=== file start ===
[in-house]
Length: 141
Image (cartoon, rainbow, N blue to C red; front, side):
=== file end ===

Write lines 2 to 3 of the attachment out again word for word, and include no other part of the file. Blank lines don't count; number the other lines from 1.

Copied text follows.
Length: 141
Image (cartoon, rainbow, N blue to C red; front, side):